Friday, September 14, 2012


I recently published I created it to solve a problem I have:  trying to remember (or google) character entity numbers or names. For example, our last project used the entity » (»). Try googling this if you don't remember the name! Now, with this tool, I can just type ">>" and the character, symbol and number appear.

It turned out to be surprisingly fun to play with. I discovered chess pieces, planet symbols, all sorts of boxes. There are a surprising number of icons to play with. What have you found that surprise you?

I initially sourced the tool with the standard 100 or so entities from W3C. Then I supplemented this with 10,000 interesting Unicode characters, and a nice set of entity synonyms from Remy Sharp (whose site is solving the same problem). Seeing that people were sometimes getting no results, I pulled in an internet jargon file for non-conventional names, and supplemented myself, by manually coding them. I am interested in adding more, but want to keep it "offline friendly", which means not too large.

I was intrigued by a couple questions around "mobile": I tried to make it "mobile friendly", and the initial version was "small"; small enough to fit on an iPhone screen. This ended up looking sad on larger screens, so that clearly is not the answer. I recently refreshed it with a responsive design approach. Now it uses the screen space nicely on both small and large screens.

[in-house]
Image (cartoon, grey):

I also wanted to build an HTML5 offline app. For those of you with an iDevice, you can save to the home screen and have the reference available whether you are online or not.

But beyond being mobile "friendly," I believe that HTML5 offers a good alternative to building a native app. I wanted to push the UX and see if I could get it to feel as responsive as a native app-- I think it does a pretty good job at executing quick searches, but I'll leave it up to you to judge.

Since the initial prototype, I've layered in a few features: It wanted to be able to link to certain queries, so I used the hashtag to do that, so you can share your favorite queries.

I allow changing the font (using the small (f) in the bottom right corner).

I found myself wanting to use the Unicode characters in different contexts: not only web pages, but Javascript source and CSS files. I've added some ability to customize the display-- hex, decimal, Javascript, or URL encoded. Those controls are also at the bottom of the screen.

Check it out, bookmark it, and please send me feedback.

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